Star Wars fans delight in their familiarity with the saga's wide-ranging cast of characters, but it turns out there's a single constant figure in each entry, and according to George Lucas, that being represents the hidden narrator behind the entire story.
Lucas made the admonition on the set of Star Wars Episode III: Revenge Of The Sith, according to io9, while speaking with animation director Rob Coleman on his first day. Related in Chris Taylor's book How Star Wars Conquered The Universe, Lucas revealed that not only does the saga have a narrator, but it is none other than Luke's trusty astromech, R2-D2.
"The entire story of Star Wars is actually being recounted to the keeper of the Journal of the Whills—remember that?—a hundred years after the events of Return of the Jedi by none other than R2-D2."
— Gizmodo (@Gizmodo) April 22, 2016
The idea that R2-D2 could be the narrator of the Star Wars saga may take fans aback at first, but under closer examination, it does make a great deal of sense. Artoo is in every film, playing a somewhat prominent role. It is only during the events of The Force Awakens that the droid takes a place in the background, spending much of the movie in low power mode. He comes into the saga as a fully formed character, appearing in the earliest scenes of The Phantom Menace and avoids getting his mind wiped like C-3PO at the end of Revenge of the Sith, so he carries within him memories of the prequels.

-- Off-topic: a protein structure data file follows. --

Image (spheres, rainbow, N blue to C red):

#StarWars R2-D2 saves the day again pic.twitter.com/Kuf3zDIfw4
— Classic Star Wars (@ClassicStarWars) April 23, 2016
It is precisely because he retains those memories that Artoo is so insistent upon finding Obi-Wan in A New Hope, almost certainly remembering the Jedi master from the Clone Wars. His mission to find Kenobi sets the events of the original trilogy spiraling into motion, eventually leading Luke to join the Rebellion and succeed in crippling the Empire. If Artoo is the one telling the story, it would also explain why the diminutive droid appears so heroic in each successive film, saving multiple characters over the course of the saga.
George Lucas and R2-D2 prototype, 1975 pic.twitter.com/YGyuoMm0YH
— History Pics (@ThatsHistory) April 20, 2016
The fact that Lucas references the Journal of the Whills in his statement is also significant, as Uproxx points out. Known only to the most devoted Star Wars fans, the journal is a framing device that first appeared in the novelization of A New Hope. This journal exists within the broader Star Wars universe and references the Jedi but was conceived of by Lucas as a way to connect the events of the saga with reality. Although it has not often been acknowledged, it did survive the expanded universe purge that took place after Disney purchased Lucasfilm. The Journal of the Whills has most recently been utilized in the novelization of The Force Awakens, suggesting that there is something of great importance in the concept, which Disney may hope to use in their future development of the series.
The actor who played R2-D2 hated the actor who played C-3PO pic.twitter.com/OQHdzfP1uq
— OMG Facts (@OMGFacts) April 19, 2016
While Artoo seems to be out of commission during The Force Awakens, the official canon notes that he is spending that time "dreaming" of his greatest adventures. While it might be a stretch to suggest that the first six episodes of the Star Wars saga are nothing more than the memories of an astromech, it seems that fans now have little doubt that R2-D2 is the direct link to the Journal of the Whills and the driving force behind the series.
[Photo by Frazer Harrison/Getty Images]